Author Topic: Good quality honingsteel  (Read 620 times)

Offline MrSwede

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Good quality honingsteel
« on: September 08, 2020, 08:31:43 pm »
Hello. I'm so fed up with my ceramic honingrod that ruins my edges so I'm looking for a good steelrod. So I wonder what you guys use for daily/weekly maintenance? I'm not looking for a honingsteel that looks flashy, I'm after one that has good steel and good function.

Offline GeoBoy

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Re: Good quality honingsteel
« Reply #1 on: September 08, 2020, 10:24:28 pm »
I use a Lamson 10” Premier honing steel.

Offline cbwx34

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Re: Good quality honingsteel
« Reply #2 on: September 08, 2020, 10:24:44 pm »
Hello. I'm so fed up with my ceramic honingrod that ruins my edges so I'm looking for a good steelrod. So I wonder what you guys use for daily/weekly maintenance? I'm not looking for a honingsteel that looks flashy, I'm after one that has good steel and good function.

Can I ask why your ceramic rod is "ruining" your edges?  I use one, and think it's great, especially for kitchen knives.

Ceramic rods can't be used like a regular steel, since it removes metal.  I use one to maintain the edge by making one or two alternating strokes, with VERY LIGHT pressure, at an angle just enough to touch the edge. 

I'll often determine the angle by slowly moving the knife down the steel, starting at a low angle and slowly rotating the knife... I can hear and feel when I'm at the edge, I'll back off just a hair and use that angle.

Again, one or two alternating strokes, very light pressure, controlled angle, then check the edge.  Also, a decent ceramic rod (I like Idahone Fine)... not a cheap one.

I think they work better than a steel rod... my .02 :)
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Offline Ken S

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Re: Good quality honingsteel
« Reply #3 on: September 09, 2020, 01:35:33 am »
Like CB, I use and like a ceramic rod. I use a Worksharp Culinary M3. The rod comes with three options: a diamond rod, which I almost never use; and a ceramic rod with smooth and grooved surfaces. I hardly ever use the grooved surface, but I really like the smooth surfaces. The handle includes triangular honing angle guides, a nice touch.

Here is a link:

https://www.amazon.com/Work-Sharp-Culinary-M3-Sharpener/dp/B074JHRZ9B

Ken

Offline cbwx34

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Re: Good quality honingsteel
« Reply #4 on: September 09, 2020, 02:44:40 am »
Like CB, I use and like a ceramic rod. I use a Worksharp Culinary M3. The rod comes with three options: a diamond rod, which I almost never use; and a ceramic rod with smooth and grooved surfaces. I hardly ever use the grooved surface, but I really like the smooth surfaces. The handle includes triangular honing angle guides, a nice touch.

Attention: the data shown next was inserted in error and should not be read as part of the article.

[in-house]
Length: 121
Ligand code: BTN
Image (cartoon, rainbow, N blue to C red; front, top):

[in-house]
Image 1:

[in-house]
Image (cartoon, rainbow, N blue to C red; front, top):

Here is a link:

https://www.amazon.com/Work-Sharp-Culinary-M3-Sharpener/dp/B074JHRZ9B

Ken

Good choice also.

Microforged a blade yet?  Works rather well... especially on kitchen knives of "average" quality.
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Offline Sharpco

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Re: Good quality honingsteel
« Reply #5 on: September 09, 2020, 01:14:05 pm »
How about Spyderco Gauntlet?
I have Spyderco sharpmaker, but will order Gauntlet soon.

Offline MrSwede

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Re: Good quality honingsteel
« Reply #6 on: September 09, 2020, 01:25:44 pm »
I have a Mac ceramic honingrod, that's a good one, but it's the grinding part I don't like with the ceramic rod. When I look at the edge through my USB-microscope after honing the edge dosen't look good. So I thought that I should try a honing steel that just straightens the edge up. That's the reason I wonder what steel-rods people use.

Offline Tullamann

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Re: Good quality honingsteel
« Reply #7 on: September 09, 2020, 01:44:02 pm »
When my kitchen knifes does not perform as I wish, then I first try a leather strop.
If the edge is not OK after stopping then I use the F. Dick polished steel, Item No.74691250R
https://www.dick.de/en/tools-for-chefs-and-butchers/products/for-butchers-chefs-and-households

If that does not bring back the edge then I sometimes try a cutting steel or do a quick sharpening on the Tormek.


TM
« Last Edit: September 09, 2020, 01:45:56 pm by Tullamann »

Offline cbwx34

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Re: Good quality honingsteel
« Reply #8 on: September 09, 2020, 04:19:04 pm »
I have a Mac ceramic honingrod, that's a good one, but it's the grinding part I don't like with the ceramic rod. When I look at the edge through my USB-microscope after honing the edge dosen't look good. So I thought that I should try a honing steel that just straightens the edge up. That's the reason I wonder what steel-rods people use.

That sounds to me like overuse of the ceramic... they require very little to refresh an edge.

I got rid of my USB scope, or I'd take a picture, but under a pocket scope, the result from the ceramic is hardly visible... basically looks like a microbevel.  Even more important though is how it cuts...

How about Spyderco Gauntlet?
I have Spyderco sharpmaker, but will order Gauntlet soon.

I'm curious why?  From what I've read, the Gauntlet is a "dumb down" version of the Sharpmaker.  (Plus, I think you're skill level means you don't need one). :)
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